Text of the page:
SEO Resolutions for 2014

Written by: Drew Lyon   Austin, Texas

Posted on: January 3, 2014


Twenty-fourteen is upon us…a new year sure to bring forth a new set of internet marketing challenges and opportunities. Bring it on, we say. Time to put what we’ve learned in the past year into practice. So with that in mind, here are a few of our SEO resolutions for 2014…

Write what comes naturally

Content has been bubbling up to the forefront of the SEO industry for several years now, but in the past year we found out that Google’s new algorithm (Hummingbird) can digest and parse meaning from long strings of text (entire paragraphs / whole pages at once), opposed to the shorter phrases it examined in the past.

Which means, if you mention “Austin” in one sentence and “dog grooming” several sentences later, Google will do the linguistic math and put together that you provide, and would like to show up for, “Austin dog grooming” searches—a conclusion any real person reading the site would also come to.

This is especially great news for those of us who write SEO content because it means we can focus more on message and worry less about how many times we’ve explicitly mentioned an SEO keyword. It also means there’s really no excuse anymore for keyword spamming. Just don’t do it.

Keep a close eye on that Google+ thing

If Facebook’s no longer cool with the cool kids, then where does that leave Google+, exactly? While we won’t comment on the relative popularity of Google+ (or relative lack thereof), what we will say is that Google+’s stock is rising in one key area: Google’s search ranking algorithm.

Seeing as it will always be in Facebook and Twitter’s best business interest to keep their information siloed in a place where they can make the most money from it, Google has to either fork over truckloads of dough to partner with them (not happening) or mine their own social network (G+) for clues as to what’s most relevant to users.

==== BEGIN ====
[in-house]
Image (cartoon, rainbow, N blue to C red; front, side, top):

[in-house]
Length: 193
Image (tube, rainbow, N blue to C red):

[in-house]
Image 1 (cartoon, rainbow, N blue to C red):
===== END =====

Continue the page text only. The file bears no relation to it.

So really it doesn’t even matter if Google+ grows or stays stagnant because they’re going to take any social data they can get their hands on as long as they think it will make their results more personal. Being able to provide personally-relevant results (and deliver personally-relevant ads) is what Google’s whole business depends on.

Stop whining about “not provided” keywords and focus on more telling analytics

Contrary to what some industry folks might think, Google does not have it out for search engine marketers. They have it out for spammers and black-hat SEOs who manipulate rankings in ways that could potentially hurt a Google user’s experience. However, quality search engine optimization should actually improve the experience across the board—it should make what users find through Google more useful AND improve what users find when they visit a website. Win-win.

That said, we’re not entirely convinced privacy is the only reason Google removed this metric often touted by SEO firms, seeing as how the same data is still available to paying advertisers on Adwords. It looks to us like Google is trying to further incentivize businesses to use a service that brings in over 95% of their revenue (i.e. Adwords). No big surprise there. Google, too, is a business after all.

Either way, we’re done bemoaning Google’s decision to encrypt keyword data. Moving on…looking at the bright side…seeing this as an opportunity for us and other SEOs to emphasize to clients that search marketing success does not depend on the rankings/traffic from one or two popular keywords.

Instead, let’s show people that an overall increase in search engine traffic is far more important than 1st place for a few vanity keywords, and that how well that traffic is converting into new business is perhaps the most important metric of all.

Well, that’s all for now. Plenty of work to be done. Let’s get busy!

Happy New Year,


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